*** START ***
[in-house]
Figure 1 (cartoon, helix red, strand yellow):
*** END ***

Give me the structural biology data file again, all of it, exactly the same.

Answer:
[in-house]
Figure 1 (cartoon, helix red, strand yellow):